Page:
Ever tried peeling a banana with one hand? Flossing your teeth? What about untying a knot? In the past two weeks, I have attempted all of these mundane motions with my left hand (along with my teeth and my right elbow) only to realize they are impossible and require both. For now, an unknown time frame, I only have one.
A year ago August, a few days before our departure for Israel, my girlfriend Cathleen took me out for a combined farewell/birthday lunch. After a great meal, she handed me a present, a rubber duck tea strainer and a book called How to Train a Wild Elephant: And Other Adventures in Mindfulness by Jan Chozen Bays. An avid tea drinker and yogi who talks mindfulness, I deemed her the most perfect present giver.
A year passed, and I still hadn’t read it. Every time I went to read, I craved a love story to sweep me away or stories of family infidelity and complex friendships. While packing for my summer travels to New York and France, I decided it was time to delve into mindfulness and took it as my only hard copy book. Yet, night after night during my month-long trip, I crawled into bed too tired to read anything.
A little over two weeks ago, Philippe and I were walking from St. Jean de Luz, France toward Hendaye, a frontier town with Spain and confined on the edge of both the Atlantic Ocean and Pyrenees Mountains. It was a beautiful Saturday morning and all we were carrying on us were a picnic lunch, camera and sunscreen. The views of the ocean were stunning from our path above and the tide pools below beckoned us. When we finally reached a place where we could easily access them, we agreed to explore. We joined other people who were searching for crabs and fish and signs of marine life. At one point, we passed a family with kids swimming in one of the bigger tide pools.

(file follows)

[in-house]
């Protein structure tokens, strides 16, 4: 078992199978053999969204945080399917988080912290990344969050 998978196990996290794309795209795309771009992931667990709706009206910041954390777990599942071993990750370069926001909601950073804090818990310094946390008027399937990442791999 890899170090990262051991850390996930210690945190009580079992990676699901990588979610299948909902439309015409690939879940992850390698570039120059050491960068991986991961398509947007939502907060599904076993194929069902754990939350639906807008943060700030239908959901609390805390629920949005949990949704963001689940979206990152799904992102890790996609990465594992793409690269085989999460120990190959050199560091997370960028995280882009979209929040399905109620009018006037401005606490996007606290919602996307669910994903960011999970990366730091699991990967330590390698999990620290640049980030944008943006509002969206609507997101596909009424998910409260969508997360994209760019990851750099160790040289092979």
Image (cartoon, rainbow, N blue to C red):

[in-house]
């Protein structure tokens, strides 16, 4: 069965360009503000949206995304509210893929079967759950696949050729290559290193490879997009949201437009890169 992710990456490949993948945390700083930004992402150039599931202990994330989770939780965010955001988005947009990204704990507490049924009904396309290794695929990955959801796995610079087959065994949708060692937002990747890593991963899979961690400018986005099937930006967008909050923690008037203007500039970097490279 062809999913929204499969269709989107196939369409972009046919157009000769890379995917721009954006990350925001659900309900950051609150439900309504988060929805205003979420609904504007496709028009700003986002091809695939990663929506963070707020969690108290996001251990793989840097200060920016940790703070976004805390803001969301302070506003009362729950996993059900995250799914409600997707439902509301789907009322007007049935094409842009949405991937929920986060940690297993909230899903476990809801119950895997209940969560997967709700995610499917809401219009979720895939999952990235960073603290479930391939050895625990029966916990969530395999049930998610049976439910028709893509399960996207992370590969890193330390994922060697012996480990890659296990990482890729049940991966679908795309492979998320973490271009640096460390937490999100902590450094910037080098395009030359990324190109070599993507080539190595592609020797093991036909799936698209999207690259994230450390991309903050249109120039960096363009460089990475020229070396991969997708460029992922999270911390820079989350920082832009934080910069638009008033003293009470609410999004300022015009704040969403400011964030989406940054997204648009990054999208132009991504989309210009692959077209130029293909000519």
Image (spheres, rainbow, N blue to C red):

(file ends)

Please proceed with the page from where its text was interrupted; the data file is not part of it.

As we inched our way closer toward the water, the rocks were greener and greener, covered in thick, slimy algae. Philippe warned me to walk carefully and then crouched low, almost on his buttocks, onto the next rock. Extending my left hand to his, I placed my left foot down first and, before I knew it, slipped, putting my right hand down to catch the fall.
I cannot remember what happened next, whether I heard or felt something, but when I lifted my hand up to assess the damage an intense wave of pain overtook me. With my knees folded into my chest, I buried my head and breathed. Nausea and wooziness swept through me. Philippe stroked my head and arm, gently coaxing me to turn around and walk carefully toward the road. I turned around, putting my back to the water, but couldn’t move and beseeched him to get help. A few minutes later, he returned with a young man who called the local emergency services, directing them to the nearest parking lot. Once my breath was steady, Philippe took me under my right armpit and the kind stranger took me under my left. My injured arm dangled lifelessly by my side. Together, they escorted me up to the road, where, minutes later, an ambulance with three paramedics met us. We thanked the stranger while one of the paramedics put ice on my wrist and a support to stabilize it. I climbed into the back of the vehicle and lay down on the stretcher, grateful for the chance to close my eyes and breathe. The terrible “naa-na, naa-na” whine of the siren made me feel like a vedette de cinéma in a World War Two movie.